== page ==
Produced and directed by Nelson and Nicole London, Becoming Frederick Douglass explores the inspiring story of how a man born into slavery transformed himself into one of the most prominent statesmen and influential voices for democracy in American history. Using his writings, images and words to follow his rise to prominence against all odds, the film is rooted in the singular truth of Douglass’s life: his insistence on controlling his own narrative and his lifelong determined pursuit of the right to freedom and complete equality for African Americans. Portraying the voice of Douglass in the film is acclaimed actor Wendell Pierce, who coincidentally was Rutgers-Newark’s commencement speaker in 2021 and was awarded an honorary doctor of fine arts degree.
“Given that Frederick Douglass was one of the most prolific and powerful orators of his time, we were interested in exploring how he created and controlled his image, and ultimately how he used it to shift public opinion around abolition,” said Nelson. “It was such a gift to have the inimitable Wendell Pierce provide the voice of Douglass to bring his words to life. Wendell’s dynamic performance, coupled with the many stunning photographs taken throughout Douglass’s lifetime, show how Douglass evolved to become one of the most influential and enduring social justice activists in American history.”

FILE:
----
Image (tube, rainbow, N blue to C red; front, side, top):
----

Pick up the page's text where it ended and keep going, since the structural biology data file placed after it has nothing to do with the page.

Accompanying Nelson’s documentary on Douglass’ legacy, Harriet Tubman: Visions of Freedom offers a rich and nuanced portrait of the woman known as a conductor of the Underground Railroad, who repeatedly risked her own life and freedom to liberate others from slavery. Born in Dorchester County, Maryland, Tubman escaped north to Philadelphia in 1849, covering more than 100 miles alone. Once there, she became involved in the abolitionist movement and, through the Underground Railroad, guided an estimated 70 enslaved people to freedom. She would go on to serve as a Civil War scout, nurse and spy, never wavering in her pursuit of equality.
In the bicentennial year celebration of its subject and featuring more than 20 historians and experts and grounded in the most recent scholarship, Harriet Tubman: Visions of Freedom goes beyond the standard narrative to explore what motivated Tubman, including divine inspiration, to become one of the greatest freedom fighters in our nation’s history.
“With this film, our aim was to go beyond what is covered in history books to create a real, three-dimensional portrait of who Harriet Tubman actually was,” said Nelson. “We wanted to examine what motivated her to pursue a revolutionary and often dangerous journey, particularly through her fierce religiosity and metaphysical connection to the divine. This film also has such a distinct sonic layer thanks to powerful narration by the great Alfre Woodard.”